Coal mine closures in the UK
Britain only has three main deep pit coal mines remaining operational across the country however; two of them are under threat of being closed down during the forthcoming 18 months. This would lead to a colossal loss of around 1,300 jobs according to the country’s biggest coal provider. UK Coal have been contemplating as to whether they should shut down both coal mines, Thoresby located in Nottinghamshire and Kellingley located in Yorkshire.
Kellingley colliery located in Yorkshire is said to employ around 700 people and Thoresby colliery in Nottinghamshire have around 600 employees. Both Thoresby and Kellingley are facing closure meaning that the Hatfield colliery based in South Yorkshire will be the last remaining owned deep pit mine in Britain.
These two collieries will not be the only two places to face drastic changes as the head office of UK Coal situated in Doncaster; South Yorkshire is also more than likely going to experience many job losses. UK Coal are desperately hoping to obtain a £20 million injection made up of both private sector and Government funding however, if this happens further cuts will need to be made as and when applicable. A spokesman openly stated the following;
“We have started today consultations with the unions on looking at the way forward – that is, looking at reducing numbers in the coming months. We are looking to secure the best outcome possible”.
Ministers had also been called upon courtesy of Yvette Cooper, Labour MP to assist the possible rescue of the two colliery sites. A loan with a value of £10 million will be distributed courtesy of the Government and this information had been made public by the organisation, TUC. This sum is anticipated to go towards the overall cost of closing down the deep pit mines which totals a sum of £20 million. The reason for their closure is down to building a loss of £30 million each year due to national insurance and tax contributions to the Treasury.
Officials have spoken about the situation and vowed that closure of these two collieries will gradually encourage the UK to become more dependant/reliant upon sourced coal provided by Russia and numerous other foreign countries thus, resulting in the security measures surrounding energy supply to become weaker and less effective.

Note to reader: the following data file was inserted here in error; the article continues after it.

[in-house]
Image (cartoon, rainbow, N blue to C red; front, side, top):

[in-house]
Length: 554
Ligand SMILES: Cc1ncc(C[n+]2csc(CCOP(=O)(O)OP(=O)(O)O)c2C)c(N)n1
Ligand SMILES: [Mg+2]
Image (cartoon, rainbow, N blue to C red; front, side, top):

General Secretary of the National Union of Mineworkers, Chris Kitchen said;
“There is no economic case for the UK taxpayer to pay more to close pits than to keep them open. The commission says there is no obstacle in providing modest help. All it would take to secure thousands of good jobs is a commitment from this Government”.
A spokesman from DECC openly stated;
“The future of UK Coal is primarily a commercial matter. However, we are in close contact with the company to ensure that Government is kept aware of the challenges they face”.
To carry on operating every day as normal, UK Coal are attaining between £10 and £20 million and it is also understood that the company are currently conversing over existing and future funding which is highly beneficial if secured within the forthcoming weeks. Conversely, it will also assists the gradually decrease in deep pit procedures following a fire in the Daw Mill colliery pit located in Warwickshire over a year ago forcing it to shut down. This resulted in the firm going into administration forcing 350 people to lose their jobs but even though the Warwickshire colliery had been shut down, it was refurbished and restructured later on with the support of a British Pension Rescue Scheme known as the Pension Protection Scheme. This was decided during a deal labelled as ‘help towards keeping lights on around the UK’.
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Nicole Cran, Pali Ltd(0) Comments
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